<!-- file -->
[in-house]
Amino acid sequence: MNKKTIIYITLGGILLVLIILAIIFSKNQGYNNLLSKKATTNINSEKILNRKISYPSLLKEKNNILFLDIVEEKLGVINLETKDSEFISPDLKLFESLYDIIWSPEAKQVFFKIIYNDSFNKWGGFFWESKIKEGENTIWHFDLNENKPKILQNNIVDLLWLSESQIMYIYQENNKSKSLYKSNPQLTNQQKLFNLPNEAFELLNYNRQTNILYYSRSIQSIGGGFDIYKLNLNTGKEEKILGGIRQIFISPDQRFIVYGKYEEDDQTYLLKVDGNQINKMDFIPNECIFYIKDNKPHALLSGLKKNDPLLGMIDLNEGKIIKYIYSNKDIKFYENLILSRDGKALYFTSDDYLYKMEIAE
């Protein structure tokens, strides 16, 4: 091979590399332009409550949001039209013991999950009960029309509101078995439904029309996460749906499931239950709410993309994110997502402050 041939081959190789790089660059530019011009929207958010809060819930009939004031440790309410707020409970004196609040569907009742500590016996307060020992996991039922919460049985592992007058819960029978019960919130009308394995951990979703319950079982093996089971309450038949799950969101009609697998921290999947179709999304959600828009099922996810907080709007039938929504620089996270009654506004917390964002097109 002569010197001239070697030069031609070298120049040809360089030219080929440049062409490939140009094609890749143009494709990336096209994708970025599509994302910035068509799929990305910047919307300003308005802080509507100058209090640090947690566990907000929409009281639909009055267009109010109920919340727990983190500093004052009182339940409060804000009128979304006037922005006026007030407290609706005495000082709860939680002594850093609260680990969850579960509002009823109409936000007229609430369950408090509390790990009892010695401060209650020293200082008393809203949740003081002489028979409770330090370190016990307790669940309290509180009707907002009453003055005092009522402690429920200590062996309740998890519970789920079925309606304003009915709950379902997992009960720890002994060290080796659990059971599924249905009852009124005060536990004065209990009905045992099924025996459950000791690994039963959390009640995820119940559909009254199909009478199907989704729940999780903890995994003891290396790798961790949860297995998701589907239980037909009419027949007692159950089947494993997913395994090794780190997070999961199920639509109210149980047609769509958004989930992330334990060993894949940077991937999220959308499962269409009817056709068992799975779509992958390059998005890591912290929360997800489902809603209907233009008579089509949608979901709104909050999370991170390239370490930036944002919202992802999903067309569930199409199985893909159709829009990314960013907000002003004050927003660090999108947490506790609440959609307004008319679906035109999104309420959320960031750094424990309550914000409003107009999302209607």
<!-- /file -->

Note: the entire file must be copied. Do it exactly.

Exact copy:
[in-house]
Amino acid sequence: MNKKTIIYITLGGILLVLIILAIIFSKNQGYNNLLSKKATTNINSEKILNRKISYPSLLKEKNNILFLDIVEEKLGVINLETKDSEFISPDLKLFESLYDIIWSPEAKQVFFKIIYNDSFNKWGGFFWESKIKEGENTIWHFDLNENKPKILQNNIVDLLWLSESQIMYIYQENNKSKSLYKSNPQLTNQQKLFNLPNEAFELLNYNRQTNILYYSRSIQSIGGGFDIYKLNLNTGKEEKILGGIRQIFISPDQRFIVYGKYEEDDQTYLLKVDGNQINKMDFIPNECIFYIKDNKPHALLSGLKKNDPLLGMIDLNEGKIIKYIYSNKDIKFYENLILSRDGKALYFTSDDYLYKMEIAE
């Protein structure tokens, strides 16, 4: 091979590399332009409550949001039209013991999950009960029309509101078995439904029309996460749906499931239950709410993309994110997502402050 041939081959190789790089660059530019011009929207958010809060819930009939004031440790309410707020409970004196609040569907009742500590016996307060020992996991039922919460049985592992007058819960029978019960919130009308394995951990979703319950079982093996089971309450038949799950969101009609697998921290999947179709999304959600828009099922996810907080709007039938929504620089996270009654506004917390964002097109 002569010197001239070697030069031609070298120049040809360089030219080929440049062409490939140009094609890749143009494709990336096209994708970025599509994302910035068509799929990305910047919307300003308005802080509507100058209090640090947690566990907000929409009281639909009055267009109010109920919340727990983190500093004052009182339940409060804000009128979304006037922005006026007030407290609706005495000082709860939680002594850093609260680990969850579960509002009823109409936000007229609430369950408090509390790990009892010695401060209650020293200082008393809203949740003081002489028979409770330090370190016990307790669940309290509180009707907002009453003055005092009522402690429920200590062996309740998890519970789920079925309606304003009915709950379902997992009960720890002994060290080796659990059971599924249905009852009124005060536990004065209990009905045992099924025996459950000791690994039963959390009640995820119940559909009254199909009478199907989704729940999780903890995994003891290396790798961790949860297995998701589907239980037909009419027949007692159950089947494993997913395994090794780190997070999961199920639509109210149980047609769509958004989930992330334990060993894949940077991937999220959308499962269409009817056709068992799975779509992958390059998005890591912290929360997800489902809603209907233009008579089509949608979901709104909050999370991170390239370490930036944002919202992802999903067309569930199409199985893909159709829009990314960013907000002003004050927003660090999108947490506790609440959609307004008319679906035109999104309420959320960031750094424990309550914000409003107009999302209607």